A thunderstorm parked over my Idaho town a few weeks ago leading to flash floods. It was an excellent metaphor for how the financial world works.
I saw the approaching storm as I drove toward home, and it didn't look terribly menacing. There were a few standard-looking cumulonimbus clouds overhead that pass by this time of year and sometime bring rain and sometime don't.
Only this time instead of moving on the clouds stayed on top of us, dropping two inches of rain in less than an hour‒almost 15% of our annual rainfall with one storm.
Flooding ensued. Basements were inundated with water. Canals overflowed. Streets became rivers.
The storm's severity was completely unexpected. The weather bureau didn't predict it. It was also very localized. A few miles south and north of my home it didn't rain at all.
Thunderstorms are an example of a non-linear system. A non-linear system is one that does not produce the same result every time even though the inputs and conditions are the same.
For example, if sand is dropped from above one grain at a time, it will create a cone-shaped pile that seems relatively stable. At some point, though, a grain of sand will hit the pile and trigger an avalanche.
You would think the quantity of sand in the pile would be roughly the same each time an avalanche starts, but that is not the case. An avalanche can be triggered with only a few hundred grains of sand or thousands. The timing of an avalanche is not a function of the size of the pile but the dynamic interaction among the grains of sand‒how they shift and slide relative to each other; their interdependence.
The more grains of sand, the more interactions and the more difficult it becomes to predict when an avalanche will occur.
Financial markets, like piles of sand and thunderstorms, are non-linear. They are a special class of non-linearity called a complex adaptive system. Unlike a sand pile that is comprised solely of sand, a complex adaptive system is comprised of a wide variety of interconnected inputs that adapt and learn over time.
There are millions of individual agents, both human and computer, that comprise financial markets, each striving to interpret ream upon ream of data about the economy, politics, business, technology and human nature.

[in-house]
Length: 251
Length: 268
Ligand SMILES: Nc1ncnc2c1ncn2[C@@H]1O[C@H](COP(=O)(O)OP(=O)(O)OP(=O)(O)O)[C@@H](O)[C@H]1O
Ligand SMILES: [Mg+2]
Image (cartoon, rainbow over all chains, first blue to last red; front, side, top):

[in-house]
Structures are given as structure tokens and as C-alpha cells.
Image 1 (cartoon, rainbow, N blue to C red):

Since market inputs are diverse and they adapt over time, the interactions are even more complex than those found within a sand pile, making it impossible to predict when the next market avalanche will occur. It could be this year or it could be in five.
How should you act in the face of such unpredictability?
First, don't listen to doomsayers who are convinced financial calamities are imminent. They don't know.
Second, since avalanches are infrequent, the most logical course of action is to assume the next grain of sand will NOT cause an avalanche. In other words, stop fretting about when the next financial calamity will hit and live a meaningful life.
Third, know that financial calamities will eventually come so be prepared. That means you should scale your exposure to risky assets, such as stocks, to your ability to recover when a market sell-off occurs. Younger investors have a greater ability to withstand market downturns because they have more time to recover from losses, their account balances are smaller and they are continuing to save.
Fourth, while it is impossible to predict when a market downturn will occur, it is possible to know when conditions are ripening for a financial calamity.
Although meteorologists can't predict if a severe thunderstorm will hit a particular town, they can determine if atmospheric conditions are such that the probability of a severe storm is high.
Examples of financial conditions when market downturns are more likely are when asset categories are expensive, investors are euphoric, debt balances high and the economy is slowing.
Financial calamities can be destructive but there are also positives. They clear out market excesses and provide for excellent investment opportunities for those that have the foresight to be prepared for market corrections, not knowing when they will come but that they eventually will.
This article was first published in my weekly column for the Standard Journal newspaper.
-J. David Stein | August 6, 2014
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